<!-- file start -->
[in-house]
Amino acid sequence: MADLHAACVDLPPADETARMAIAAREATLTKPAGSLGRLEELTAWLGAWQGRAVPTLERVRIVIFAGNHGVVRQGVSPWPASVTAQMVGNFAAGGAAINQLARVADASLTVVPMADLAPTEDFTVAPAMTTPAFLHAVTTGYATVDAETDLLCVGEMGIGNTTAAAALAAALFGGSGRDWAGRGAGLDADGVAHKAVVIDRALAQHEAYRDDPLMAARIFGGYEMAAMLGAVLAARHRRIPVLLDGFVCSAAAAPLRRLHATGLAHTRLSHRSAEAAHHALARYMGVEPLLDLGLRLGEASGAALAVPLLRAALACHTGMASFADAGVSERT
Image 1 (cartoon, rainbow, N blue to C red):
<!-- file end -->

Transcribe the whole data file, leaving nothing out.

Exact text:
[in-house]
Amino acid sequence: MADLHAACVDLPPADETARMAIAAREATLTKPAGSLGRLEELTAWLGAWQGRAVPTLERVRIVIFAGNHGVVRQGVSPWPASVTAQMVGNFAAGGAAINQLARVADASLTVVPMADLAPTEDFTVAPAMTTPAFLHAVTTGYATVDAETDLLCVGEMGIGNTTAAAALAAALFGGSGRDWAGRGAGLDADGVAHKAVVIDRALAQHEAYRDDPLMAARIFGGYEMAAMLGAVLAARHRRIPVLLDGFVCSAAAAPLRRLHATGLAHTRLSHRSAEAAHHALARYMGVEPLLDLGLRLGEASGAALAVPLLRAALACHTGMASFADAGVSERT
Image 1 (cartoon, rainbow, N blue to C red):